It’s been reported for a couple of months now that the site of the Peralta Community College administrative buildings was the Oakland A’s owners’ preferred place to build a new stadium, and team president Dave Kaval made it official yesterday, declaring, “Finally, we’ve got our site.”
There are obvious reasons for the A’s to prefer the Peralta site (or the Laney College site, if you prefer, since that’s the specific community college that’s located there): It’s right near the I-880 freeway and the Lake Merritt BART station, and offers views of both the lake and the Oakland hills. It’s also crazy small, though — only about 500 feet wide north to south, which is going to make fitting a baseball field and grandstand a challenge — and the team still has to figure out how to pay off the community college for the trouble of relocating its administrative offices, something the San Francisco Chronicle says the team hopes to do by building a bunch of added development nearby:
To try to win over the Peralta district’s Board of Trustees, the A’s are proposing to construct housing and commercial space on an 8-acre Laney parking lot just north of the site — a spot now known for its Sunday morning flea market — and funnel revenue from it to Laney. The A’s would also help build a garage there with the idea of boosting the college’s overall parking capacity.
“We believe there are opportunities for mixed-use development … that could generate significant long-term revenue to support the college’s educational mission, and deliver a valuable and comprehensive community benefits package,” Kaval said in his letter.
Far be it from me to criticize a plan that apparently would use entirely private money to build a stadium and purchase land — and would free up the Coliseum site to redevelopment, more about that in a second — but this seems like it’s going to get really expensive for the A’s. Kaval called the Peralta site “really the strongest location when it comes to private financing,” so maybe he knows something we don’t know, or maybe he’s thinking he can get lots of land around the college on the cheap and then build lucrative stuff on it, or get development rights to the Coliseum on the cheap and then build lucrative stuff on that, or who knows. This is why it’s hard to get too excited about site decisions when they don’t come with publicly released financing plans.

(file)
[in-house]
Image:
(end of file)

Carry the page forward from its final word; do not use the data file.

And then there’s this:
Although they plan to privately finance the ballpark’s construction, the A’s will need support from the Oakland City Council to come up with what outside experts say could be hundreds of millions of dollars in federal, state and local funding for new freeway ramps, improvements to the Oakland estuary shoreline and other infrastructure upgrades.
That could be an issue, yeah! And makes one wonder why the A’s owners are no longer considering the Coliseum site for a new stadium, now that the Raiders are leaving town, since at least there the highway ramps and stuff are already in place. There’s something that feels slightly off about all the moving parts here, where it’s not clear where the magic beans will come from to make an exceptionally pricey project pay off; maybe it’ll all make sense when and if Kaval reveals how all the financing is supposed to work, but I’m withholding judgment until then.